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EDITIONS
Thursday, 25 February, 1999, 20:02 GMT
New MI6 spymaster named
MI6
Mr Dearlove will take over MI6 in September
A Cambridge-educated career spy has been named as the new chief - also known as "C" - of the Secret Intelligence Service, MI6.

Richard Billing Dearlove, 54, currently the service's assistant chief, succeeds the present "C", Sir David Spedding, when he retires at the end of August. Mr Dearlove is only the second MI6 chief to have his appointment announced publicly.

The new spymaster was selected from a short-list of candidates drawn from both inside and outside the service. The appointment was made by Foreign Secretary Robin Cook in consultation with the Prime Minister Tony Blair.

Although Mr Dearlove's appointment was announced, the much-vaunted spirit of greater openness and accountability of the security services did not extend to releasing a photograph of the new chief.

Classic MI6 background

An official curriculum vitae was released to the press, however. It shows he comes from the classic security service background of public school followed by Oxbridge - something Robin Cook and Mr Blair have said they are keen to change.

The short resume reveals Mr Dearlove was born somewhere in Cornwall on 23 January 1945.

He was educated at the independent fee-paying Monkton Combe School near Bath and in 1962-63 spent a year at Kent School in Connecticut, USA, before going to Queen's College, Cambridge.

Cambridge
Like a lot of MI6 agents, the more famous of whom were KGB spies, the new "C" appears to have been recruited at Cambridge
The official biography reveals that he joined MI6 in 1966 as a 21-year-old graduate - signalling that, like more familiar spy names (mostly notorious for having been double agents) Mr Dearlove appears to have been recruited while studying at Cambridge.

In 1968 he received his first overseas posting to the Kenyan capital, Nairobi. Several postings later, he became head of MI6's Washington station in 1991.

He returned to the UK in 1993 as director of personnel and administration. The following year he became director of operations and in 1998 he was additionally made assistant chief.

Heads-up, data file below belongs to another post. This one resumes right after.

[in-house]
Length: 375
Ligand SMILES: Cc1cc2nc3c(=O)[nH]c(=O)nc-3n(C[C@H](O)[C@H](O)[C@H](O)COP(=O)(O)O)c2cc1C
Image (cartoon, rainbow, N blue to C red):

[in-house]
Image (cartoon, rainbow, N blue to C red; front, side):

He is married with three grown-up children and was given an OBE in 1984.

Described as an "all-rounder" in intelligence terms, sources insist he was chosen as the best candidate from those available. His appointment will be seen as a shift of emphasis by the service after Sir David, who was an Arabist from MI6's elite Middle East specialists, dubbed the "camel corps".

It reflects a new commitment in the post Cold War-era to combating international organised crime as well as MI6's more traditional espionage activities.

One of the green ink brigade

As service chief, his pay will be on the same level as a Permanent Secretary which, from 1 April, is between 98,400 to 168,910.

Like every incumbent since the first chief Captain Sir Mansfield Cumming in 1909, he will be known in Whitehall as "C" and tradition dictates that he writes his memorandums in green ink - something modern folklore holds is a sign of battiness.

Apart from that, the Foreign Office was giving little away. But the media has succeeded in tracking down his home - a three-storey semi-detached Edwardian house in a leafy residential street in Putney, south west London.

One neighbour, a middle-aged woman who declined to be named, said Mr Dearlove and his wife had been so secretive, it had become a family joke.

"It's been a joke with me and my husband, that the man next door was a spy. We've lived here two years and only met them once, we hardly ever see them," she said.

She added that notes had been posted through neighbours' doors asking them not to speak to reporters if asked about the Dearloves.

Seven-foot hedge

Other neighbours, even those living very near to the new chief spy's house - which is hidden from public view by a seven-foot tall hedge - said they either did not know the couple or had never seen them.

And both his old public school and Queen's College, Cambridge, have apparently been warned not to talk to journalists about their former student.

"I fear we are not in a position to make any comment about Richard Dearlove at all. I'm sure you understand why," said a spokesman at Monkton Combe School.

There was a similar line at Queen's where a woman in the Bursar's office said: "I don't think you will find anyone in the college willing to speak about this".

Kent School in the US initially promised to be more forthcoming. "How exciting," said a woman in the admissions office when told of their former student's new job.

The alumni office initially offered to help, then said it was temporarily unable to access its records because of a computer error but promised to help once the system was back up.

Yet by late afternoon, the long arm of the spooks based in MI6's modern gothic headquarters on the Thames appeared to have reached across the Atlantic. "We cannot give out any information about Richard Dearlove. It's confidential," the alumni office had decided.

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